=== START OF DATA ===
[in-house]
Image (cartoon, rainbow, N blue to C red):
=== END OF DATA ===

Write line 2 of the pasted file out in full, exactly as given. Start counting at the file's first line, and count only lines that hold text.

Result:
Image (cartoon, rainbow, N blue to C red):